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What is your vision for 

our community?

"Our vision for a stable, sustainable economy is one that is built on a backbone of clean renewable energy and regenerative agriculture"

Our current global economy is built on the backbone of oil, gas and coal, as well as slavery, exploitative labor, and stolen land. The burning of fossil fuels over the last century and a half has continued to allow some to accrue great mobility and wealth at the expense of many others. A rapidly expanding human population has driven consumption far beyond what our one planet can support. The unfortunate consequence of rapidly burning these fuels is a planetary ecology that has suffered extreme degradation, to the point where it can no longer provide the ecosystem services necessary to maintain a stable climate, cleanse our air and purify our water, to create conditions suitable for human life.
Our vision for a stable, sustainable economy is one that is built on a backbone of clean renewable energy and regenerative agricultural practices. It is an economy that functions within the balance of our ecological "bank account," perpetually replenished by the energy of the sun. It is an economy where everyone has the chance to participate in the creation of prosperous and resilient communities while restoring the earth for future generations and wild nature.
The building of an ecology-based economy that can feed, clothe, house and educate a population projected to crest at nearly 10 billion souls by mid-century will demand a surge in creativity, innovation, and cooperation of unparalleled scale and scope. It will be a time of profound challenge and great opportunity. For those willing to rise to the occasion of forging a new path, in balance with natural systems and in cooperation with each other and our fellow species, the rewards will be great. They will include better nutrition and health from actively participating in robust and diverse local food systems, cleaner air and water, a stronger connection with our neighbors, and a more equitable and just society. We will also be rewarded with the satisfaction of promoting conditions suitable for life and creating opportunity for those who follow in our wake.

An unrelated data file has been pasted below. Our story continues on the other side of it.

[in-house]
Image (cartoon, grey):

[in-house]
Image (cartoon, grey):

The Western Foothills of Maine are well-equipped to serve as a model for other communities in the transition to an ecology-based economy. Our assets include the ability to produce much of our food locally, a relatively dense population which sets us up well for electric vehicles and alternative modes of transportation, and a community full of skilled and inspiring humans.


In pursuit of climate justice, decolonization must be part of our work. CEBE staff and board members participated in the "Decolonizing Conservation Communities" training from Wabanaki REACH, and we continue our learning. Monthly walk & talks, open to the public, are held each month -- watch our newsletter for details or reach out.

Here are some of the materials we've recently centered walk & talk discussions around:

- Lokotah Sanborn's 2030 Vision keynote on colonialism at the heart of the climate crisis

- Kenneth Jones and Tema Okun on the characteristics of white supremacy culture

- Kara Walker's sculpture, "A Subtelty," and more info here.

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